Simple Wedge Fractures in the Cervical Spine

A simple wedge fracture is a compression fracture in a spinal vertebra. Wedge fractures can occur in the neck, thoracic region or the lumbar (low back) area. This article focuses mainly on simple wedge fractures in the neck, also called the cervical spine, but also provides general information about causes and treatments.

Bones that make up the neck

Science Picture Co / Getty Images


A simple wedge fracture in the cervical spine occurs most often after a forceful flexion, or forward bending, of the neck.

In this injury, the nuchal ligament, which is located at the back of your neck, is pulled. While the nuchal ligament itself may fare pretty well — it is very strong — the same is not always true for the neck bones that are impacted. The front part of the vertebral bodies in the neck tend to bear the brunt of the impact, which in turn may forcefully compress them. The result is a simple wedge fracture at the front of the bone, but no real damage to speak of in back. Thus, based on the backward location of the nuchal ligament, little or no damage is generally sustained there.

Stable or Unstable?

Simple wedge fractures are often categorized as flexion injuries to the neck. This is because the neck moves into hyperflexion during the inciting incident.

Whiplash injuries are the most common type of neck injuries, which can be caused by excessive neck motion in both flexion and extension. Another type of flexion injury to the neck is clay shoveler's fracture.

Simple wedge fractures are considered "stable" injuries. This means that, along with other criteria, only the front part of the spinal column is affected.

In recent years, researchers and doctors have begun to use the Cervical Spine Injury Severity Score or CSISS to describe and classify lower neck injuries by the degree of stability in the four main areas that make up the spinal column. These areas are the front, back, and right and left sides, called "pillars."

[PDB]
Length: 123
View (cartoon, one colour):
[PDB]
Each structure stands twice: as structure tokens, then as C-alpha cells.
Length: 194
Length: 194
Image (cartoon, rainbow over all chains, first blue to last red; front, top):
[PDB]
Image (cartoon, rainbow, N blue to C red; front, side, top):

Another type of wedge fracture, aptly named "unstable wedge fracture" affects more than one spinal column "pillar" and meets other CSISS criteria for instability as well. Like simple wedge fractures, unstable wedge fractures are considered flexion injuries.


The X-ray of a simple wedge fracture shows decreased height at the front of the vertebral body as well as increased bone density. Increased bone density in the vertebral body is a consequence of the compression that is sustained there. The front edge of the vertebral body also may look concave for the same reason.

And of course, your muscles and other soft tissue will likely be swollen and tender, although this does not show up on X-ray.


Vertebral compression fractures can be the result of trauma, cancer or osteoporosis. This is true regardless of where they may occur.

Leading to about 700,000 spinal fractures every year, osteoporosis is the most common cause of a simple wedge fracture, according to a 2006 study published The Journal of the South Dakota State Medical Association.

The study authors say that 40% of spinal fracture cases affect elderly women over the age of 80.

But elderly men are affected as well. A 2015 study published in The Bone & Joint Journal evaluated Swedish men ages 69 to 81 and found that 15% of participants had a vertebral fracture that was associated with a low bone mineral density and osteoporosis. Men with more than three fractures had an even stronger association.


Vertebral compression fractures may be treated conservatively with bed rest, bracing and strength training, and, of course, pain control. Kyphoplasty or percutaneous vertebroplasty may be recommended to patients with compression fractures who have persistent pain after a few weeks of conservative treatment. Both are minimally invasive procedures that introduce medical cement into the area to minimize painful motion of the fracture.

That said, a 2018 study published in the British Medical Journal found that while percutaneous vertebroplasty, as well as sham treatment, both helped relieve pain from acute vertebral compression fractures for up to a year post-procedure, the surgery was not significantly more effective than the sham procedure.

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By Anne Asher, CPT
Anne Asher, ACE-certified personal trainer, health coach, and orthopedic exercise specialist, is a back and neck pain expert.